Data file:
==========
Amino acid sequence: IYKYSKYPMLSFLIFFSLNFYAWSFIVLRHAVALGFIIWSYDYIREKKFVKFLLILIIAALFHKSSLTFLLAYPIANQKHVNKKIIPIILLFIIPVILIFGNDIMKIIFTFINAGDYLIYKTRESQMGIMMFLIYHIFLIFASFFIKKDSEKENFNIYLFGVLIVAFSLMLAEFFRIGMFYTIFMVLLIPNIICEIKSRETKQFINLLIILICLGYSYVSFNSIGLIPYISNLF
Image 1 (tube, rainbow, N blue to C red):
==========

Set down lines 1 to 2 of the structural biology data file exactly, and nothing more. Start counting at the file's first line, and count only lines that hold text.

Amino acid sequence: IYKYSKYPMLSFLIFFSLNFYAWSFIVLRHAVALGFIIWSYDYIREKKFVKFLLILIIAALFHKSSLTFLLAYPIANQKHVNKKIIPIILLFIIPVILIFGNDIMKIIFTFINAGDYLIYKTRESQMGIMMFLIYHIFLIFASFFIKKDSEKENFNIYLFGVLIVAFSLMLAEFFRIGMFYTIFMVLLIPNIICEIKSRETKQFINLLIILICLGYSYVSFNSIGLIPYISNLF
Image 1 (tube, rainbow, N blue to C red):